Under crystal blue skies and a postcard backdrop of one of the world’s most iconic bridges, heavy hitters from the White House and Capitol Hill continued a victory lap for President Joe Biden’s infrastructure bill on Monday, touting a $400 million seismic upgrade of the Golden Gate Bridge, one of the legislation’s biggest single awards.
But even as Washington promises massive flows of new infrastructure spending for transportation projects across the country, a more urgent question brought on by post-pandemic economic headwinds has surfaced: Is there enough money to keep the country’s trains and buses running?
National leaders, including Transportation Secretary Pete Buttigieg and former House Speaker Nancy Pelosi, offered no commitments at Monday’s event when asked about whether the Biden administration or Congress should help ailing public transit agencies weather a near-term fiscal crisis. Budget shortfalls could threaten BART’s weekend service in the coming years and transit funding is shaping up to be a key battle in Sacramento.
“That is a question we’ve had for the 35 years I have been in Congress. Is it bricks and mortar, or is it operating cost?” said Pelosi in one of her first local appearances since stepping down as Democratic leader. Without the “bricks and mortar,” Pelosi added, “We don’t even have anything to talk about.” She did not say if Congress should back a transit funding package.
Pelosi’s San Francisco district has some of the country’s most financially strapped transit agencies, including BART, Caltrain, and Muni. Daily commuters have ditched the office for remote work, leaving agencies scrambling to make up fare revenues losses that were filled only temporarily by pandemic relief money. Without new taxpayer subsidies, bus and ferry service could be slashed and BART could cancel multiple lines after 2025, according to transit planning documents first reported by the Bay Area News Group.
SAN FRANCISCO, CALIFORNIA – JANUARY 23: Speaker Emerita Nancy Pelosi at a press event near the Golden Gate Bridge on Monday, Jan. 23, 2023, in San Francisco, Calif. Officials announced a $400 million federal grant to upgrade and retrofit the iconic Golden Gate Bridge to ensure it can withstand the impacts of a major earthquake. (Aric Crabb/Bay Area News Group)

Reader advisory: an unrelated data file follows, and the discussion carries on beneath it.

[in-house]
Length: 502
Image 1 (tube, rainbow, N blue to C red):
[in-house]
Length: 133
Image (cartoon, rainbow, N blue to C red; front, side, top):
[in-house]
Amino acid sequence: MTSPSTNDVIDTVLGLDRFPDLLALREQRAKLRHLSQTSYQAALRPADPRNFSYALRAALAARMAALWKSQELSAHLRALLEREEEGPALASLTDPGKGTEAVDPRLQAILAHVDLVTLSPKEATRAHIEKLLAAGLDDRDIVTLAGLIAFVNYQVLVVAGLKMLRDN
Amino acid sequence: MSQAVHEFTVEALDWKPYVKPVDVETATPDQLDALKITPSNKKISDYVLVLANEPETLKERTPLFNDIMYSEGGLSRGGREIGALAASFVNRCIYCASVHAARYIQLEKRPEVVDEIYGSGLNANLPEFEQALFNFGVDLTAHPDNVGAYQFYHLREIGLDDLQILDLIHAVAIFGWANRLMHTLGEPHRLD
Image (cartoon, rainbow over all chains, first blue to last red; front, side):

At Monday’s event, Buttigieg cited funding for zero-emissions buses as a way to save agencies money on fuel, but he did not offer any support for operations funding that local agencies say is desperately needed.
“A lot of that is going into capital. It’s also going to capital that will save transit agencies on their day-to-day expenses,” he said.
The Golden Gate Bridge funding package is part of a nearly $900 million effort to strengthen the landmark against a major earthquake or natural disaster that has been underway for over two decades. The first three phases of retrofitting have already concluded and the last phase – bolstering the main span of the bridge along with the towers – is expected to wrap up in 2029. The bridge can currently withstand a 7.0 magnitude earthquake, but larger quakes could force closures, or worse, of the transit gateway.
For decades, government agencies have adhered to a standard formula for who funds what when it comes to transit. Washington typically pays much of the cost of mega projects, but provides scant money to keep buses arriving on time and trains pulling into the station. Those costs, instead, are left to state and local governments whose resources don’t stretch as far.
It’s a sore spot for advocates. The disparity in capital and operations funding is getting worse, they say, as transit agencies, encouraged by the infrastructure bill, pursue multi-billion mega projects even as they mull near-term service cuts.
Caltrain is pushing ahead with a $6.7 billion extension into downtown San Francisco despite facing a budget shortfall as soon as next year. In Santa Clara County, the VTA could face trouble paying BART to run trains through San Jose once the downtown extension is complete in the 2030s.
“There’s a lot of transformational investments, but if we don’t sustain basic service were completely undermining these federal investments,” said Ian Griffiths, who heads Seamless Bay Area, a transit advocacy group.
Griffiths said Congress could consider a federal grant matching program that would also encourage increased state funding. “If we are not maintaining basic levels of service why are we funding major capital projects?” he said.
State Sen. Scott Wiener of San Francisco said the federal government “absolutely should step in and provide a lifeline of funding.” But Wiener, who is leading a push in Sacramento for increased transit dollars, said he is not optimistic that the coming years will see a major shift from Congress on public transit. That means local advocates are largely calling on Gov. Gavin Newsom to increase state transit funding and setting the stage for a multibillion-dollar Bay Area ballot measure for 2026 or 2028.
“In a Marjorie Taylor Greene-controlled House of Representatives, that reduces my optimism that the federal government is going to step in here,” said Wiener, referring to the hard-right Georgia Republican.